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Poison 2

October 13, 2007 —

Poison Your House by Cleaning It
The labels of many household cleaning products promise a lemony-fresh sparkle (or something similarly natural)-but the list of ingredients in small print reads more like a chemistry experiment. Few consumers have the scientific background to know what the different chemical ingredients are, how they work, and their potential impact on our health or the environment.  The assumption is that the creators of the product will deliver on promises.  Not so, according to Annie Berthold-Bond, author of Better Basics for the Home and Clean & Green. "There's probably no quicker way to poison your house every week than by cleaning it," said Berthold-Bond.
A recent five-year government study by Green Seal, a nonprofit environmental organization, found that concentrations of 20 toxic compounds are as much as 200 times more prevalent  inside homes and offices compared with outdoors. No one knows for sure about the health effects related to chronic exposure to low levels of chemicals, but evidence suggests that cleaning products can cause headaches, dizziness and breathing difficulty. It's also possible that they could result in more serious problems, such as cancer, birth defects or damage to the central nervous system.
Activists encourage people to avoid products with certain chemicals, including chlorine or ammonia, which can cause respiratory and skin irritation and create toxic fumes if accidentally mixed together. In order to protect water quality and aquatic life, avoid detergents with phosphates-which may cause rapid increases in algae-or alkylphenol ethoxylates, including nonylphenol and octylphenol.
Alternatives Exist
There’s a long list of non-toxic or less-toxic products as alternatives to hazardous household chemicals. For example, use borax instead of bleach.  Use one cup of vinegar mixed with one gallon of water for floor cleaner. And use equal parts vinegar and salt for mildew remover.  Of course, it’s often easier to run to the store and pick up a cleaning product, than making an effective product at home.  But with the slightest effort, the ethical consumer can reduce the level of toxicity in your home, while avoid spending money with companies that are essentially pushing toxic chemicals.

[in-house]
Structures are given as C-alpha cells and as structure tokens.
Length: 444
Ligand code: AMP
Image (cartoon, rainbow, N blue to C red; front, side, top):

If you insist on a packaged product, a number of non-toxic, all-natural cleaning products are available-with Seventh Generation, Ecover, and Dr. Bronner’s leading the pack.
·    Ecocycle: Alternative Cleaners and Recipes
http://www.ecocycle.org/hazwaste/recipes.cfm
·    City of Dover, NH: Alternatives to Hazardous Chemicals
www.ci.dover.nh.us/community/environmental/alternat.htm
·    National Geographic: Household Cleaning Supplies
http://www.thegreenguide.com/reports/product.mhtml?id=15
·    Green Seal
http://www.greenseal.org/
·    Soap and Detergent Association
http://www.cleaning101.com
Caption: There’s a long list of non-toxic or less-toxic products as alternatives to hazardous household chemicals. For example, use one cup of vinegar mixed with one gallon of water for floor cleaner. Or  use equal parts vinegar and salt for mildew remover.

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